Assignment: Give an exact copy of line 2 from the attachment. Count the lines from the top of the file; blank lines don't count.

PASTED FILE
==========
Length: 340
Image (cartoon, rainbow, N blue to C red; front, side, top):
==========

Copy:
Image (cartoon, rainbow, N blue to C red; front, side, top):